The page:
Q: Would you please discuss the trend of using “trending” in news reports? It seems to have cropped up in the past few months and is now ubiquitous. Nary a news report goes by without saying, “Here’s what’s trending.” It rubs me the wrong way.
A: We find this usage a bit trendy, but it doesn’t bug us all that much. If it gets used too much, it’ll lose its trendiness and you’ll be hearing less of it.
The present participle “trending” is being used here to indicate news that’s hot or breaking or engaging or noteworthy or otherwise interesting (at least to the editors).
The CNN website, for example, often begins headlines with this participle: “TRENDING: McCain cautions Christie” … “TRENDING: Palin threatens lawsuit over book” … “TRENDING: Senators place blame for budget stalemate.”
Although standard dictionaries don’t mention this precise sense in their entries for the verb “trend,” it does call to mind one common meaning of the noun “trend”: a new and popular style or fashion.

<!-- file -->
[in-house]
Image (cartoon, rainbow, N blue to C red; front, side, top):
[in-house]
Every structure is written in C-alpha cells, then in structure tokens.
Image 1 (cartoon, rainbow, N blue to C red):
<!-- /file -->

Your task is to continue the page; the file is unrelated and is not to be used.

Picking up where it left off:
When the verb entered English more than a thousand years ago, it meant to revolve or rotate or roll, according to the Oxford English Dictionary, but that sense is now considered obsolete.
In the late 16th century, the verb took on one of its contemporary meanings: to extend in a general direction or follow a general course (as in, “The path trends to the north”).
It wasn’t until the mid-19th century that the verb took on the figurative sense that’s common today: to show a tendency or a shift (“Opinions now trend in the conservative direction”).
The OED’s earliest citation for this figurative use is from the British novelist George Alfred Lawrence’s 1863 account of his failed attempt to fight for the Confederacy:
“In which direction do the sympathies and interests of the Border States actually trend?”
Be patient! Trendy usages tend to be overworked and become stale. Eventually, they rub enough people the wrong way … and then they aren’t trendy anymore.
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